Government Digital Service, Cabinet Office
Across government, there’s an understanding that engagement with stakeholders is a good thing. It helps in the successful creation and implementation of policy, especially when it’s done at an early stage. However, this awareness hasn’t yet translated into consistently well-designed online engagement opportunities – though there has been an increase in the number of platforms that would help to make this possible.
So we all want to engage better. And now, more than ever, we can. We want to start a discussion about how to make this happen. There are lots of things to talk about so we’d like do this in phases or chunks.
What are we trying to achieve here?
We want to work with people within and outside of government to develop a “matrix” of digital engagement tools. Our aim is to help anyone looking to engage or consult to identify the platforms or tools that can help them do this more effectively. This opening phase of the discussion is a first step to getting there.
We’re pleased to be doing this alongside Demsoc, who are thinking more widely about how to make Open Policy Making a reality. It goes without saying that a large part of that is getting formal consultation and engagement right – though as Anthony says in his post, there’s more to Open Policy Making than just that.
Why does Government consult or engage?
A common characteristic of good engagement or consultation is that it is very “outcome-focused”. So we thought we’d start there too. We’ve identified six “outcomes” that policymakers and service delivery teams might be seeking to achieve when they engage with their stakeholders:
- I want to generate ideas: The aim here is to draw on the knowledge and expertise of a wide range of stakeholders to identify creative solutions to existing problems. This works best when no set ideas on a policy or its implementation have been developed, and / or there’s flexibility on the scope and direction of a discussion i.e. you’re happy to see where things take you. Stakeholders should be able to contribute quickly and easily and it can work particularly well when you’re able to incentivise the right people to participate. Examples involving government include Idea Street and Show Us A Better Way. While it is sometimes desirable for ideas generation to be an unstructured process, at other times it is desirable for it to be within a set scope. The Redbridge participatory budgeting exercise is a good example of the latter.
- I want to test out new ideas: The aim here is to sound out new ideas or possible policy directions on a representative sample of the target audience. This is a good way to gauge opinion on the current situation. It might also help to define scopes for new policy areas and to identify opinion-leaders and influencers.
- I want to create/design a document/service or deliver a project in collaboration with relevant stakeholders (examples: Idea Street, Solutions Exchange): This tends to be delivery-focused and works best when the consultation has the buy-in of delivery or operational teams and there is scope to incorporate respondents’ proposals and ideas. The focus on delivery also has implications for the audience type and size – knowledgeable (often heavy service users as well as practitioners and technical experts) and relatively small. You are most likely to succeed when you have an engaged community and this will take time to build.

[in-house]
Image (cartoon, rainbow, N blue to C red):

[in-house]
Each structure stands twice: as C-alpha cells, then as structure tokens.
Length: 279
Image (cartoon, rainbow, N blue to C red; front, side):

- I want to draw on dispersed knowledge : The aim here is to gather dispersed information within a given, usually fairly large, population to help build an evidence base for setting policy or for identifying areas to which departmental resources should applied. A good example of this is the Red Tape Challenge. Successfully achieving this outcome often requires a low-effort means for respondents to provide their input and internal resources to analyse the feedback, coordinate action and communicate progress to respondents.
- I want to get detailed and focused feedback within a tightly defined framework: This outcome is most likely to be successful when stakeholders have already been engaged at an earlier stage or where there is already broad consensus about the justification or benefits of the policy. The primary stakeholders should be clearly identified and the scope for discussion should be well defined and properly communicated to respondents. This approach does not generally allow for respondents to propose radically different policies or implementation options. Two good examples are the Public Reading Stage consultation on the draft Small Charitable Donations bill and the consultation on the provisions in the draft Care and Support Bill (Note: the term ‘primary stakeholders’ is not synonymous with ‘large institutional stakeholders’).
- I want to address misconceptions and clarify objectives through discussion and engagement: The outcome here is to bust myths, persuade or explain the rationale for a policy or its implementation- usually a service. The approach is discursive and responsive. Often times, there is no scope for discussing alternative policy options and this is made clear.
We’d be very surprised if the outcomes we’ve identified above prove to be exhaustive, so this is the first thing we’d like to talk to you about: (1) Are there any other desired outcomes that you can think of? (2) Are the descriptions and examples we’ve provided for each outcome good enough? (3) Are any of these desired outcomes not appropriate for government digital engagement or consultations?
Next, we’d like to share and seek discussion with you on some successful approaches that have been taking by central and local government to achieve these outcomes. We’ll be presenting these as a series of case-studies and asking your views on what’s relevant Looking forward to the ensuing discussions!